Syncros says, "Our top Endurance orientated saddle, the Tofino V is part of our V-Concept saddle program which was developed for the more flexible rider, particularly in the pelvis and lumbar spine, who tend to ride a more aggressive aero position. Their shape on the bike is similar to a V, hence the name. These riders sit towards the front of the saddle supported by their pubic rami. The riding position is lower in general and requires a slightly different shaped saddle. The 1.0 features our carbon rails for the ultimate in lightweight. The Channel version aims for larger contact area with the goal is to reduce pressure spots while still allowing contact with the saddle. Developed in conjunction with world renowned bike fit company Gebiomized, this saddle has been designed to offer the maximum tailored bike fit solution for an off the peg saddle."
I found the saddle to have a comfortable shape whether riding hard or more sedately.
Tell us some more about the technical aspects of the product?
RANGE OF USE Endurance Road and MTB
BASE Carbon-reinforced nylon
RAILS Oversized 7x9mm Carbon
FOAM Light PU
DIMENSIONS one size 250x135mm
Tell us how the product performed overall when used for its designed purpose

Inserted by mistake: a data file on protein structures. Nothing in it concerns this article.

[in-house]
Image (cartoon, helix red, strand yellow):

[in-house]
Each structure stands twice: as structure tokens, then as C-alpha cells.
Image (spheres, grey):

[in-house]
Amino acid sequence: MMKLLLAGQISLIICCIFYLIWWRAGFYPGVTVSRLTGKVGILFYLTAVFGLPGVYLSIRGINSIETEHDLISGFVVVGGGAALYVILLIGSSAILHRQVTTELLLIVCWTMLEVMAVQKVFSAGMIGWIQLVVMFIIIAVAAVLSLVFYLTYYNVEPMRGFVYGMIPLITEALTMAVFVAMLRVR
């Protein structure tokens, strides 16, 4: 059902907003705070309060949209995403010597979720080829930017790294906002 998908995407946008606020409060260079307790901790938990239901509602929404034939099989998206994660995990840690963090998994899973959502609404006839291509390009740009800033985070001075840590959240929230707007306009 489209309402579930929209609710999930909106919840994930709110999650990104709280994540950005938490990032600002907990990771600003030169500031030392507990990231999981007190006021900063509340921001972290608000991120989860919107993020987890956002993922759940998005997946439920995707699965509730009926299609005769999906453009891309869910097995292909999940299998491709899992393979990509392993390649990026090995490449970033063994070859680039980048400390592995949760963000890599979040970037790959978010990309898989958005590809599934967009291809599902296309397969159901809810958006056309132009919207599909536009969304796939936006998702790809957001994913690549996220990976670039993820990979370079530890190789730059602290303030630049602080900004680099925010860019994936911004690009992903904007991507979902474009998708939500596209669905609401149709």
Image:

It's quite firm for an endurance saddle but I found it a nice shape.
Tell us what you particularly liked about the product
Decent price for a carbon-railed saddle.
Tell us what you particularly disliked about the product
I found the padding quite firm compared with other saddles I've been using lately.
How does the price compare to that of similar products in the market, including ones recently tested on road.cc?
Compared to other carbon railed, short saddles we've tested lately, the Syncros is a good 50 quid cheaper at least.
Did you enjoy using the product? Yes, although on longer rides the firmness was a bit much.
Would you consider buying the product? No
Would you recommend the product to a friend? Yes
Use this box to explain your overall score
I like the shape of the Syncros and it offers good value considering the materials and quality of craftsmanship, but it could be a bit hard for some.
About the tester
I usually ride: This month's test bike My best bike is: B'Twin Ultra CF draped in the latest bling test components
I've been riding for: Over 20 years I ride: Every day I would class myself as: Expert
I regularly do the following types of riding: time trialling, commuting, club rides, sportives, fixed/singlespeed
Stu knocked out his first road.cc review back in 2009 and since then he's chucked the best part of seventy test bikes around the West Country, a couple of them quite literally! With three alloy and two steel bikes in his fleet he's definitely a metal man (that'll be the engineering background) but is slowly warming to that modern carbon fibre stuff along with fat tyres & disc brakes.
It's not all nostalgia though, after spending the last few years in product design Stu keeps banging on about how 3D printing is going to be the next big thing and he's a sucker for a beautiful paint job too.